Tadić’s party “won’t join cabinet with Socialists”

Author : Mircea Birca | Tuesday, April 15, 2014
Posted in category Balkan News, Balkans, Serbia
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BELGRADE — The New Democratic Party (NDS) has announced that it will not be part of a government to in the Socialist Party of Serbia (SPS) would also participate.

The NDS, led by Serbia’s former president and former leader of the Democrats (DS), Boris Tadić, noted on Sunday that, after the talks with the Serb Progressive Party (SNS), it sticks to the stance that it will not join a government that would include the SPS led by Outgoing Prime Minister Ivica Dačić.

“Although we have mostly agreed on what the central problems of our society are, we believe that, if the Socialists entered the government, it would not be possible to resolve the issues,” the release notes.

“Such a decision does not mean the conditioning of the SNS, but meeting our own condition that we will not give up on our principles and what believe it is in the interest of Serbian citizens just in order to enter the government,” the NDS said.

If the SPS were invited to join the new government, the NDS would be a pro-European, constructive and strong opposition, the release adds.

The NDS believes that it will be able to contribute much more to achieving the goals relating to Serbia’s further development from “the position of a good opposition than a bad government”.

“Today, after a historic national consensus was reached in 2008 by including the SPS in the government, that party has nothing to offer, but a detrimental, Machiavellian approach to politics. Today, no coalition government with the SPS in it cannot possibly be a good government,” the NDS said.

“No position to make demands”

Socialist Party of Serbia (SPS) leader Ivica Dačić has said that Boris Tadić is in no position to make demands concerning the New Democratic Party’s (NDS) entry into Serbia’s next government.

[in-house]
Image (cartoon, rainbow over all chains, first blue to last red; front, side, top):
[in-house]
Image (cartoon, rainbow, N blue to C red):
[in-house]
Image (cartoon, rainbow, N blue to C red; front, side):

Commenting on the statement that the NDS will not be part of any government that includes the SPS, “because that party has nothing to offer apart from a Machiavellian approach to politics,” Dačić stressed that it was the “pinnacle of political blindness.”

The SPS won almost three times as many votes as the NDS at the parliamentary election on March 16, that is 44, while the Serbian Progressive Party (SNS) led by Aleksandar Vučić won by a landslide, taking 158 seats, Dačić pointed out.

Tadić lost the presidential election to SNS leader at the time Tomislav Nikolić two years ago, and the coalition centered d around the NDS won 18 seats in March.

“The people are the supreme political judge and Tadić’s slate barely made it over the election threshold, and they achieved that thanks to the League of Social-Democrats of Vojvodina headed by Nenad Čanak,” Dačić underscored.

“It was the people’s answer to the question whose policy was bad,” the outgoing prime minister noted. “I would like to point out that it was precisely after Tadić’s departure that Serbia achieved a historic success – changed its international image, started the accession talks with the EU and improved its friendship with Russia, China and other countries,” Dačić stated.

Tadić’s attitude towards the SPS is particularly hypocritical, since he had no problem with them while they were part of the same government for four years and when they supported him in the second round of the presidential election against Nikolić, he remarked.

“In other words, you are alright while you are with me, but you are bad when you are with someone else,” Dačić said, asking “what principles did the SPS violate in working with the SNS that Tadić did not in his desire to do the same.”

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